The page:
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PR34581: Don't remove an 'if (p)' guarding a call to 'operator delete(p)' under -Oz.
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Authored by rsmith on Mon, May 4, 5:04 PM.

Details

Summary

This transformation is correct for a builtin call to 'free(p)', but not
for 'operator delete(p)'. There is no guarantee that a user replacement
'operator delete' has no effect when called on a null pointer.

However, the principle behind the transformation *is* correct, and can
be applied more broadly: a 'delete p' expression is permitted to
unconditionally call 'operator delete(p)'. So do that in Clang under
-Oz where possible. We do this whether or not 'p' has trivial
destruction, since the destruction might turn out to be trivial after
inlining, and even for a class-specific (but non-virtual,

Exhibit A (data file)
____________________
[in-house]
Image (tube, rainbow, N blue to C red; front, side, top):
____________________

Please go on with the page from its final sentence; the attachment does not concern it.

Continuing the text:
non-destroying, non-array) 'operator delete'.

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Event Timeline

rsmith created this revision.Mon, May 4, 5:04 PM
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Is it reasonable to figure out ahead of time that we can skip the null check completely? It'd be kindof nice to also take advantage of this at -O0 whenever we don't have real work to do.

I believe we can avoid creating some blocks for latter removing them, no?

clang/lib/CodeGen/CGExprCXX.cpp
2042–2049

Unless I missed something, isn't it better to just avoid emitting this check and basic blocks all together if we are optimizing for size and when we know that Ptr is never null?
I would consider in doing something alike:

const bool emitNullCheck = CGM.getCodeGenOpts().OptimizeSize <= 1;
llvm::BasicBlock *DeleteNotNull;
llvm::BasicBlock *DeleteEnd;
if (emitNullCheck){
  // Null check the pointer.
  DeleteNotNull = createBasicBlock("delete.notnull");
  DeleteEnd = createBasicBlock("delete.end");

  llvm::Value *IsNull = Builder.CreateIsNull(Ptr.getPointer(), "isnull");

  Builder.CreateCondBr(IsNull, DeleteEnd, DeleteNotNull);
  EmitBlock(DeleteNotNull);
}

and we use the same emitNullCheck to avoid EmitBlocks below.

2090

If avoiding the emission above it would not require changing EmitObjectDelete at all.

rsmith marked an inline comment as done.Sun, May 10, 2:44 PM